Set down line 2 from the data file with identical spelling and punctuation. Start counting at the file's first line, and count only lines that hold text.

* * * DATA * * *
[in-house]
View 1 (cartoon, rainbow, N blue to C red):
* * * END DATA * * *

View 1 (cartoon, rainbow, N blue to C red):